Maslow’s theory on the hierarchy of human “needs”

I find Maslow’s hierarchy of needs incredibly useful. It provides a very simple framework for thinking about motivation, and motivation impacts almost everything I do at work.  I have a version of the hierarchy that I am developing for the services we deliver to customers and it’s quite instructive because it shows that quite a few of the level 1 and 2 needs are not yet satisfied, so it’s not surprising that we sometimes see customer satisfaction issues and struggle to sell some of the services that seek to address needs at levels 4 and 5.  Maslow’s original hierarchy looks like this:

Maslow

If we apply it to IT systems,  (this is a very simple illustration of the concept) then it might look like this:

Maslow2

The point of this being that for example:

  • people won’t be interested in collaboration when they don’t have a stable PC
  • people won’t be interested in knowledge management when they are running out of email quota every day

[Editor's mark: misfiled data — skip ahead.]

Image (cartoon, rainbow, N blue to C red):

• people won’t be effective coaches when they are so overloaded with email that they don’t have time to think
  • people won’t be interested in sharing when their PC is infected with malware or viruses

If you forgive the simplistic nature of the example,  hopefully you can see the power of the model.  It goes further through, again some simple examples:

  • once a person has a working PC, Internet connection, storage space, virus and malware protection they will take it for granted and not consider it of value (unless you take it away) so you need to move up the hierarchy and provide higher value services.  But don’t move up until you have satisfied more basic needs!

 

Steve Richards

I'm retired from work as a business and IT strategist. now I'm travelling, hiking, cycling, swimming, reading, gardening, learning, writing this blog and generally enjoying good times with friends and family

1 Response

  1. Anonymous says:

    Steve,

    Many thanks for this very interesting illustration of Maslow applied to IT. I will apply it myself to adult training.

    The quality of your blog is impressing.

    Thierry Gantois (France)

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